In the middle of it all, she found herself back at the tomb- but she was no longer alone. Two men, dressed in white stood with her. She was past caring who they were, or where they had come from but remembered the surprise in their voices when they asked her “Woman, why are you crying?”

A strange question to ask anyone in a tomb.

Then she stood in the morning light again, not knowing what to do, where to go, who to speak to. Feeling desperate, alone and hopeless.

Suddenly, came another voice- “Who is it you are looking for?”

She mumbled something about the taking of a body, and taking him for a gardener, began to ask if he knew anything about what had happened, when another word stopped her in mid sentence.

“Mary” he said.

Spoken softly and gently- with a tinge of humour, and a dripping with of love.

It was a word on which her whole life pivoted.

He was alive.

And now, so was she.

Lazarus laughs again…

There are many people mentioned in the margins of Bible stories… some by name.

There is the Gentile-convert-to-Judaism-convert-to-Christianity called Nicolas of Antioch, chosen as one of the seven stewards in Acts chapter seven- along with Stephen, the first martyr. Nick from Antioch- what was his story then? Spiritual gypsy perhaps? A bit of a hippy? But considered trustworthy enough to be given a role as a servant of the embryonic church, and mentioned by name for thousands of years to come…

Later recorded though (By Irenaeus- see here) as starting another Gnostic sect and getting his doctrine all Hippy-shaken.

Then there is Simon the Leper. Mentioned a few times, including as providing a feast for Jesus in his house in Bethany (Mark chapter 14)- you may remember this as the time when a woman broke an alabaster jar of expensive perfume and poured it on the head of Jesus- almost as if she had some idea that soon he would be anointed for burial… who was she- and what motivated her towards this act of excess- what had she seen in Jesus- how had he touched her life?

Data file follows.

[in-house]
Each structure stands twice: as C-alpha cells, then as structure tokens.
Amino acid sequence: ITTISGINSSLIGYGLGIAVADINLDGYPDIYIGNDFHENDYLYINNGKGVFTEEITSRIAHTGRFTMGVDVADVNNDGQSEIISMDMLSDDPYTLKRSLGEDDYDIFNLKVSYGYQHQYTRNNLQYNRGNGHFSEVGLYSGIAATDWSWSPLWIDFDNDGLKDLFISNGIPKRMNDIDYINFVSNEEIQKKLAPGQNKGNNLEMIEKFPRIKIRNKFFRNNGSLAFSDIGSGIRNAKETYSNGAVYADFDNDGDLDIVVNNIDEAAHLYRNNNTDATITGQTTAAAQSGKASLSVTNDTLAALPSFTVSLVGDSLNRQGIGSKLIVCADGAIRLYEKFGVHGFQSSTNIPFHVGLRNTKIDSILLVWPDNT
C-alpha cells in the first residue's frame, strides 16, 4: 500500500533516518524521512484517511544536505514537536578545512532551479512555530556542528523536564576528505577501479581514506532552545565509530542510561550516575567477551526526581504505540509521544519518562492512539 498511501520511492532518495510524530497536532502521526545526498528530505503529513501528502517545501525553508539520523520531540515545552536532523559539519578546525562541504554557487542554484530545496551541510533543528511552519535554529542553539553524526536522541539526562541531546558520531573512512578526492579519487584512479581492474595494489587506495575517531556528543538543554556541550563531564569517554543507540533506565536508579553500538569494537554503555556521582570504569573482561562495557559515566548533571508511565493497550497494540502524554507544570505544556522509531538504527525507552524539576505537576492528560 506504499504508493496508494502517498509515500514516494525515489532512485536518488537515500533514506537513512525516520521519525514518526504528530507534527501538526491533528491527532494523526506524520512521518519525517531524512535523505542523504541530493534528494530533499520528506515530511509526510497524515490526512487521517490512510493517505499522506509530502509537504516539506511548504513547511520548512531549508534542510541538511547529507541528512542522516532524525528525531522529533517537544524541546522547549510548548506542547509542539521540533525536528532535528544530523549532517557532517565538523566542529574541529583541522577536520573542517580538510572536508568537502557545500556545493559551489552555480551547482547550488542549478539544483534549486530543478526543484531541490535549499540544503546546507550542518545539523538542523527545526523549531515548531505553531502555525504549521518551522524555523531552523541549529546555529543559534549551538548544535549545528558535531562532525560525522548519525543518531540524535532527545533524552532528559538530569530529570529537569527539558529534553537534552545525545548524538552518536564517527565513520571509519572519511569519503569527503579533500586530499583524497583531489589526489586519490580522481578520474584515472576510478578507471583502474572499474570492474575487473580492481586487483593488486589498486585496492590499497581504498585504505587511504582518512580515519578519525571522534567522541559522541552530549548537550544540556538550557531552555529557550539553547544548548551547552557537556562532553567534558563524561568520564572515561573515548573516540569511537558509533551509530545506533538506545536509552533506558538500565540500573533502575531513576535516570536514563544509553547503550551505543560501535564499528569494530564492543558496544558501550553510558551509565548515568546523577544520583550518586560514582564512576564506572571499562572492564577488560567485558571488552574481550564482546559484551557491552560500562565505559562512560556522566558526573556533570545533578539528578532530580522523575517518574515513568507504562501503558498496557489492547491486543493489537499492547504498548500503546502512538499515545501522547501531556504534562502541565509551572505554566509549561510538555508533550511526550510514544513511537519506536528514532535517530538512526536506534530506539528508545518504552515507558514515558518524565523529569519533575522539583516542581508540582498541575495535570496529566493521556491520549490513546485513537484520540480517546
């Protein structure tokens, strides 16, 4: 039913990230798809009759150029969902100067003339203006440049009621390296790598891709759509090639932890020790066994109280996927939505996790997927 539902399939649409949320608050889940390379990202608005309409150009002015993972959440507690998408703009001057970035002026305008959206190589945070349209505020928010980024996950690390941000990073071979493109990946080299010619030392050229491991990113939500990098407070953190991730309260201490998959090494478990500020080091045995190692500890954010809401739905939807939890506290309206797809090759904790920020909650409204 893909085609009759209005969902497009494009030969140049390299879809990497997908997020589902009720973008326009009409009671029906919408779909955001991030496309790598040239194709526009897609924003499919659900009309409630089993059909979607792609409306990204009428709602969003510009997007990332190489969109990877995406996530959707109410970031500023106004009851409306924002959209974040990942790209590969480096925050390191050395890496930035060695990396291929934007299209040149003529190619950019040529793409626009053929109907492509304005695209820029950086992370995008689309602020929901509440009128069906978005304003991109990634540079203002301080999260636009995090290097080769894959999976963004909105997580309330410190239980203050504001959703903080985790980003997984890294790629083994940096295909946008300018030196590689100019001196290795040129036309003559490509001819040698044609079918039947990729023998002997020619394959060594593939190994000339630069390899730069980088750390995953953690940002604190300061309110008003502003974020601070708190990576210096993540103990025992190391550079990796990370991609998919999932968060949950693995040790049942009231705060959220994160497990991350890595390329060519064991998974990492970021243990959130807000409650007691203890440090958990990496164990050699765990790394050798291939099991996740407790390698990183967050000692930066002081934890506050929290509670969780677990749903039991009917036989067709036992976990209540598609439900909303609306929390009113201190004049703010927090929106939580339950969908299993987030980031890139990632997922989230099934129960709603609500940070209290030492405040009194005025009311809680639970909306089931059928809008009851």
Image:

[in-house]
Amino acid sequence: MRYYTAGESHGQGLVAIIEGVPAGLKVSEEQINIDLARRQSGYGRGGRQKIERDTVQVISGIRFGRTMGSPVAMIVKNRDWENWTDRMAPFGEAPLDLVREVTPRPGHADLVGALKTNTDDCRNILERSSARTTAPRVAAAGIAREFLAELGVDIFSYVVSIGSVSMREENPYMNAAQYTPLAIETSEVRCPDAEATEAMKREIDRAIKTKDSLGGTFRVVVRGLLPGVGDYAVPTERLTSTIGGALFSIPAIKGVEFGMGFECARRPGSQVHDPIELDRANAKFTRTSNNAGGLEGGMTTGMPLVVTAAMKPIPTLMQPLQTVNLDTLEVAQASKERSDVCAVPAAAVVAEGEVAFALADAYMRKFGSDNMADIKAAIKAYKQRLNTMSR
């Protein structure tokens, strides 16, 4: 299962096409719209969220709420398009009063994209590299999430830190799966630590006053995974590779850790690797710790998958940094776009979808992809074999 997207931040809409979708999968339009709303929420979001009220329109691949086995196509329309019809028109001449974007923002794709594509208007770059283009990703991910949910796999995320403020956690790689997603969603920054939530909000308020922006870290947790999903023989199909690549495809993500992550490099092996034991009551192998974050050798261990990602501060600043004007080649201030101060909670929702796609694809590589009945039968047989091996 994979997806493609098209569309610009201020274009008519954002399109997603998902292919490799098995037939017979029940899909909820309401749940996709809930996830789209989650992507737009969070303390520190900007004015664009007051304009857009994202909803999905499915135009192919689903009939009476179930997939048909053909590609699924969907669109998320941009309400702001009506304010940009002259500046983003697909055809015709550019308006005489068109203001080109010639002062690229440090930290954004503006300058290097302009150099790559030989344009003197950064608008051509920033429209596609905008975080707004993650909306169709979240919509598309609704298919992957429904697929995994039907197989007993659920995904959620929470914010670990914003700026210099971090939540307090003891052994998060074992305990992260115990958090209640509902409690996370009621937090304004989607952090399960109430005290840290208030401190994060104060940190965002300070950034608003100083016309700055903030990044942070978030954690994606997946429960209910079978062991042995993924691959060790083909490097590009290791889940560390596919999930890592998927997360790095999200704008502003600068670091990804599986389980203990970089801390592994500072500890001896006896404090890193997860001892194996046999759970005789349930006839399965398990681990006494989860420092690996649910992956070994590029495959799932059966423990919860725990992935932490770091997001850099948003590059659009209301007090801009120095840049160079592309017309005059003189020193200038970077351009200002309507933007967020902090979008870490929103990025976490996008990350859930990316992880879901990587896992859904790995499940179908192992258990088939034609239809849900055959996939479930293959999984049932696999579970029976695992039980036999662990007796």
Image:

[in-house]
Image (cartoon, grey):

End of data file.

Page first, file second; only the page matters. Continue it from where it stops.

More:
But back to Simon the Leper. How did he get his name? Was it because he was an extremely spotty kid and the cruel nickname stuck?

Or perhaps he really had been a leper?

If so, why was he mingling with people and not away in a leper colony with the other unclean people, outcasts, not party throwing?

Could it be that Jesus healed him? And after he showed himself to the priests, and was declared clean, he returned home, and his story was known far and wide?

We know that Jesus had some other friends in Bethany, whose story is more well known- the wonderful story of Lazarus, perhaps the most hen-pecked of people in the Bible, sandwiched between Mary the starry eyed dreamer, and Martha the houseproud (if grumpy) hostess.

It is the stories behind the stories that are fascinating- the filling out in three dimensions of these half glimpsed characterisations. Mary, who in many traditions was the same woman who broke the jar of perfume, and was known as Magdelene, from whence she had returned to live with her brother, under some kind of shameful cloud.

And after the events of the story- what happened to these people? Did they make the journey to Jerusalem to watch the triumph and tragedy and then glory of what we now know of as the Easter story?

Were they in the upper room when the Spirit came in power?

Was Lazarus the same man who went as a missionary to what is now Cypress, and whose bones still lie in a shrine there? Did his sisters go with him? Did Martha give those Cypriots what for when they trod dirt onto her clean floors?

So here is something I stumbled on that retells some of Lazarus’ story again- enjoy!